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 Nai-Ni Chen Dance Co. to Perform Chinese New Year Classic at SRU Jan. 20 

 

SPOTLIGHT

Jan. 10, 2006

Contact: Gordon Ovenshine: 724-738-4854; gordon.ovenshine@sru.edu

NAI-NI CHEN DANCE CO. TO PERFORM CHINESE NEW YEAR CLASSIC,              

MANY OTHER DANCES, JAN. 20 AT SRU; TICKETS AVAILABLE

SLIPPERY ROCK, Pa. – The world-renowned Nai-Ni Chen Dance Co. will perform “Lion Dance,” a 3,000-year-old routine and Chinese New Year tradition, as well as several other colorful dances, when it appears Jan. 20 at Slippery Rock University.

Tickets are available for the 7:30 p.m. performance in SRU’s Miller Auditorium. Prices are $12 for adults; $10 for those 62 and older or 17 and under and $7 for SRU students. Call 724-738-2091.

  Nai-Ni Chen, based in New Jersey, has performed in 35 states, as well as China, Poland and Guatemala and won numerous awards. The company’s performance is part of SRU’s new ING Performing Arts Series, launched to bring quality arts entertainment to the region.

Here is the program:

Lion Dance

The Lion Dance is a prayer for peace, because in it a playful child leads a powerful beast and other dancers don animal costumes.  The child and beast playing together symbolize harmony on earth, and is performed at the beginning of the year.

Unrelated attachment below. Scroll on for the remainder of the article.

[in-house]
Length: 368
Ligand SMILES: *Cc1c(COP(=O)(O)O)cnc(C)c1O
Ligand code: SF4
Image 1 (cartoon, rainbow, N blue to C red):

Mongolian Chopstick Dance

Chopstick Dance originated in Inner Mongolia. During festival celebrations, Mongolian people gather and enjoy a feast.  Afterwards, they dance with the chopsticks to express joy and happiness.  Circular gestures signify a Mongolian’s life on horseback. 

Lu Wen-Long, the Warrior

This dance is taken from the Chinese Kunque Opera, which has more than 500 years of history.  Legends say Lu Wen-Long was born in a Han military family in Sung Dynasty, but was abducted by the Manchurians and grew up among the enemy of the Han.  The costume includes high platform shoes and the bird’s feather on his headdress, symbolizing courage.

Spring on the Han River

The Fan and Handkerchief Dance is from Northeast China where the people are mostly farmers.  During the harvest, villagers gather in the field and dance with fans and scarves as part of the celebration.  This duet expresses the joy and love between a young couple.

Raindrops

This dance draws inspiration from the choreographer’s childhood memory of the city where she was born, Keelong.  The city is also known as the “Rain City” in Taiwan.

Unfolding

The book I-Ching says, "The Tao is ever changing, alternating movement without rest."   As nature unfolds at a vibrant pace, so does life's journey, interpreted in this dance.

Peacock Dance

In China, there are over 55 ethnic groups.  The peacock is considered sacred bird among the Dai people in Yunnan province. In this dance, many movements are derived from the imitation of the peacock drinking water, walking, running and grooming its feathers.

Festival

In this dance, drawn for the Dragon Boat Festival in summer, the blue flag symbolizes the waves in the water, which lead the dancers and racers to their victory.  The colorful ribbons symbolize the prosperity of the village.

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